During a rare, perfectly still and windless morning, we landed at Jackson Bay, in Admiralty Sound to visit the most remote section of Karukinka Natural Park, a private protected area managed by the Wildlife Conservation Society. At 330 hectares, this area protects some of the southernmost forests, grasslands and peatlands of the planet together with a vast array of wildlife including several endemic bird species and a colony of breeding elephant seals. We hiked through large stands of primeval forest to get to a waterfall that drains the overflow of some alpine glaciers still blanketing the peaks that flank the valley we walked toward.
National Geographic Resolution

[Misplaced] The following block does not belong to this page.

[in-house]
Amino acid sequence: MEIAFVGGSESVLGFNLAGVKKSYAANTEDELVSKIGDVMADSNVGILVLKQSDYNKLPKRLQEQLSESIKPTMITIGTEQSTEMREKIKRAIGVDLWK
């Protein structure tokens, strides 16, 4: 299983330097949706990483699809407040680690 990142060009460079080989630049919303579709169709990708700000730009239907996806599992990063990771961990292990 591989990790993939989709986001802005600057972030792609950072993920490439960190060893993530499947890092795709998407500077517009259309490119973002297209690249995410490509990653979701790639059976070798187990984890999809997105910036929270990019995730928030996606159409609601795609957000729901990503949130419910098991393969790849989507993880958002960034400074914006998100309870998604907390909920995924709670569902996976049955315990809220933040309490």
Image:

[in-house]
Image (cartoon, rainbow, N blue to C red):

National Geographic Resolution arrived to Fortuna Bay early in the morning under a cloud-covered sky. The protection of the bay created a nice relief from the winds. We landed our long hikers shortly after breakfast so they could begin their trek over the headlands to the colony. We then repositioned the ship toward the head of the bay to land the rest of our guests. Fortuna Bay is known as the final leg of Shackleton’s route across the island, and it is home to a large king penguin colony. After we sailed to nearby Hercules Bay, we were treated to conditions calm enough for kayaking and Zodiac cruising. With so much wildlife in the area, guests had some wonderful encounters, especially with the colony of macaroni penguins low on the cliffs of the bay. The ever-fickle weather brought sunshine and light snow flurries, embodying the nature of the island.